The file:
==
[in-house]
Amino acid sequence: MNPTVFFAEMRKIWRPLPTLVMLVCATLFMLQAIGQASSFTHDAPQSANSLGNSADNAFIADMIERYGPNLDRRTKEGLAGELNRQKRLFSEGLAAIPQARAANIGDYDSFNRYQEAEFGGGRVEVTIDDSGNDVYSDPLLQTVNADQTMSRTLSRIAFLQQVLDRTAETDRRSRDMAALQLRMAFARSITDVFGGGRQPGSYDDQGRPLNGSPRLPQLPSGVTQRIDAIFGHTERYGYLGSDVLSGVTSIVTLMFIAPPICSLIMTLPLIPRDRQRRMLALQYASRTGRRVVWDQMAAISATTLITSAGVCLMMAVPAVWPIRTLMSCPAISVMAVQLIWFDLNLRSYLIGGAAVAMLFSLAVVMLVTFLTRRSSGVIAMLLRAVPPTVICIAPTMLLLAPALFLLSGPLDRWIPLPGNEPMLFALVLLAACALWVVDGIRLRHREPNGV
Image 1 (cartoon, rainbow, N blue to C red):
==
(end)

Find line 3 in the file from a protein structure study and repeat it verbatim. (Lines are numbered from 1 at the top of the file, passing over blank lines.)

Image 1 (cartoon, rainbow, N blue to C red):